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Take two for the Weasley Twins: After ten years as the Hogwarts double act, Harry Potter's chums have ditched their ginger hair dye to head for Hollywood
Call it karma, but when James and Oliver Phelps were cast in the Harry Potter films as the red-headed twin wizard brothers of the equally flame-haired Ron Weasley, James knew that he was in for a spot of payback.
‘I used to walk to school with a boy called Andrew who had bright red hair,’ he says, ‘I used to tease him constantly about it. Then we got cast as the Weasley twins and had to dye our hair red for the next ten years. All the years of joking at Andrew’s expense just came back and slapped me in the face.’
As Fred and George Weasley respectively, James and Oliver had to dye their brown hair ginger every few weeks. ‘We miss a lot of things about doing Harry Potter, but dyeing our hair isn’t one of them,’ says James. ‘I’m a Birmingham City fan and I was at a match with my friends and they were asking me if I wanted to get a drink afterwards.
‘I said: “I can’t — I’ve got to get my roots done” and everyone in the crowd turned to look at me. There’s a time and a place to talk about your hair and a football match probably isn’t one of them.’
Oliver and James were just 14 years old when they auditioned for the roles of the Weasley twins, ostensibly, says Oliver, ‘to get a day off school’. A couple of months prior to the auditions, their drama teacher had advised them not to bother with acting, ‘because you won’t do anything … you should try something else’.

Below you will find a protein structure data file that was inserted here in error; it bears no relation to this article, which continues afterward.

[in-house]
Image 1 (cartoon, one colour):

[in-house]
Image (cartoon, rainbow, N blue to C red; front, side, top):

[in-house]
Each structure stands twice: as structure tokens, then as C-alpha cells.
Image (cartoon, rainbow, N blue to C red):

Now, some 12 years and eight Harry Potter films later, the 26-year-olds have arrived in Hollywood to try their luck.
As Hogwarts’ resident pranksters, Fred and George Weasley dressed the same, acted the same and even finished each other’s sentences. But in the flesh they are very different: James in his white T-shirt wears his hair longer and has a smattering of stubble across his face, while Oliver, dressed in black, has much shorter, darker hair.
The eldest by 13 minutes, Oliver tends to take charge during the conversation. James may be the quieter, more relaxed of the two, but he usually waits till his brother finishes before coming in with a quip.
Asked whether the Harry Potter films made them grow up quicker, Oliver replies: ‘When we were making and promoting the films we had to understand grown-up kind of things about how hotels worked, what we needed when travelling, stuff about airports, motorways, that kind of thing. But I wouldn’t say we lost out on our childhood — it just added to it.’
To which James responds: ‘I learnt that it cost £4 for a pint in London. That made me grow up a lot quicker.’
Today, they live just a couple of streets from the wide sandy Pacific beach in Santa Monica ‘so it’s a bit different from our home in Sutton Coldfield’, says Oliver.
When the final film of the series, Harry Potter and the Deathly Hallows — Part 2, was released last July, James says: ‘It was a bit scary. We’d been doing the films for ten years and the safety net was taken away. It was really sad, too, as we had such great times doing it’.
Oliver and James are far removed from the cliché of jumped-up child stars, as can be said of the other members of the Harry Potter cast — Daniel Radcliffe as Harry Potter, Emma Watson as Hermione Granger and Rupert Grint as Ron Weasley —– who have all kept their feet on the ground in spite of their fame and fortune.
‘We all started together,’ says James, ‘so we’re just a group of mates and there are no huge egos. If there was any stepping out of line, we’d all take the mick. Oliver got a text from Rupert about one of the old cast members who got sent down [Jamie Waylett, who played Hogwarts school bully Vincent Crabbe, was jailed for two years for his part in last year’s London riots]. We were all saying that if you’re going to do something that idiotic, then you deserve all you get, really.’